– Audre Lorde

Personality Jog


I start walking, warming up limbs, core temperature, until I feel my blood spike.  Mentally, I get myself angry, believing I’m a gorilla, big appearance, flared nostrils, beating on my chest like I’m king of the jungle.  I’m where I want to be and take off at a slow pace, practically skipping, and arms by sides with hands half-fisted.  Looking straight ahead, my eyebrows aim to create a unibrow to fierce my mood awake and to speed a little bit more.

The next vision I have of myself, is of a boy who believes he’s invincible through every jolt, hurt and side-stitch and shin splint in a casing of a man.  I don’t view myself as a woman, for my big breasts would only drag me down to an imagined pain that society says belongs in my backside due to the fatty support in front.  I view myself as the man who doesn’t wobble due to accepted hips or waist.  I continue to fool myself and don’t give way to thinking my centers of gravity are where my legs live.  Instead, I consider gravity high in the center of my sternum, picturing my broad shoulders to carry out the movements through like individual shoulder punches.

I agree within my being, the permit of my muscles becoming limber from the blasting heat of jogging.  Fifteen minutes in, and my hunger is delightful as I battle deep inhales to pack my lungs and exhale them out gradually.  With razor eyes straight ahead, I feel my body trusting me with its own tenderness.  Still I wonder why my spine senses this compressed feeling.  But I don’t speculate too long as I’m concerned with every second of every minute that flashes in red on the screen of the treadmill.  I’m concerned by tiny jabs of syringe-like pain in my left knee.  I’m more concerned about embarrassment of falling due to the freezing of my toes, how the phalanges and first metatarsal turn dead.  Another five minutes, I alternate walking at a comfortable speed to tame down these dreadful sensations.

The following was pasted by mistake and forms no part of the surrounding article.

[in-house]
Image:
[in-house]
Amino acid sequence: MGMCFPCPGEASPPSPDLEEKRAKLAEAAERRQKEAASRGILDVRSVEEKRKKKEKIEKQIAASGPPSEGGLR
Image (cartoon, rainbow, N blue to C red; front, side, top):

The almighty high, it has kicked in, and I’m going for the 25 minute mark, covering more distance than I’ve ever had in my thirty-two years of living and I ignore the menstrual cramps raking its long demonic nails throughout my uterus, trying to lure me its bitch.  However, I’m familiar with pain.  Pain is a seducer, an addictive chemical, a form of art and beauty to treasure.  The more pain one allows themselves to feel, the more it scrapes inside our souls with magnitudes of hell and fallen heroes.  So, I must climb out the shadowy pit, to uncover my recurrent slice of heaven, in the midst of jogging and new personal records.